I think about how we made the most of our time together. Even during chemo treatments, I would pack games, snacks, bring pictures, and paraphernalia to help make the hours of chemo more bearable and fun—yes, as odd as it sounds, we had fun during those times.
I hang on to the memory of his last kiss in Hospice. In the last week of his life, he could not speak, but we communicated by him squeezing my hand when I asked him questions.
A few hours before he died, he bobbed his head up and down. I didn’t know what he wanted. I jokingly asked, “Do you want to make out?”
He squeezed my hand once to indicate yes, then he forced his head up, and I kissed him. It was the sweetest moment that I treasure daily.
His room in Hospice was bright and always filled with laughter and jokes. I hang on to those memories, which helps drown out the memory of holding him in my arms until his last breath. That one still pains me.
It will be four years in July, and I still cry. I still have anxious moments, and of course, I know that I can pull out my anchors and happy memories and keep retraining my brain into positive thinking, but the heartache and missing him will never go away, but taking an active role in my healing, makes life without him more bearable.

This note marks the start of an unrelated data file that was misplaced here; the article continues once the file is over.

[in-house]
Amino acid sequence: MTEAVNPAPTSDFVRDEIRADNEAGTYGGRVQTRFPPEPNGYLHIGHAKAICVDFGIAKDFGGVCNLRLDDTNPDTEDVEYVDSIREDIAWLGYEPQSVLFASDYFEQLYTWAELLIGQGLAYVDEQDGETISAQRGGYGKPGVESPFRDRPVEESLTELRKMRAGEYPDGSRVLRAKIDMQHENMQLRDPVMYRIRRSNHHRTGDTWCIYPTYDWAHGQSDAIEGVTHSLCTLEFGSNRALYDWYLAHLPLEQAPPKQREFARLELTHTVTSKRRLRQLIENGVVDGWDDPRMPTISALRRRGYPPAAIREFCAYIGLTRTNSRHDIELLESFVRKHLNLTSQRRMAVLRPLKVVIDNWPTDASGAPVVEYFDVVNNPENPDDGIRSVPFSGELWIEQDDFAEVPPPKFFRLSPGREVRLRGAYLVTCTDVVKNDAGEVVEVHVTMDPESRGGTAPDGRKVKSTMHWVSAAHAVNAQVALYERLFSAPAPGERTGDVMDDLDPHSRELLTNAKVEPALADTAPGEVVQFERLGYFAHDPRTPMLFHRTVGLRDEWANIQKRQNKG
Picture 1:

I also accepted it’s okay to keep laughing, accepting joyous moments, and embracing happiness whenever I can, even if I smile and laugh through some tears.
I’m a work in progress, and I know I’ll never be 100% of who I once was, but I also know I can do this. I can get through each day. I can face my challenges head-on and figure them out.
Self-talk is important. Realizing how we can sabotage ourselves is the first step, and only WE have the power to change all that.
I had 12 sessions with the hypnotherapist, and it was 12 sessions that have helped me so much, and that’s why I’m sharing them with you, that even if you don’t go to hypnotherapy, you can still apply some of the things I’ve learned to your day and night when you are struggling.
Try not to self-sabotage yourself. Instead, work hard at retraining your thinking and self-talk.
Keep saying to yourself:
“I can do this. I can get through today. I can be happy. I can smile. I can fix…this…or I can handle that.” Daily. Keep saying this as often as you can every single day.
One step at a time.
One thought at a time.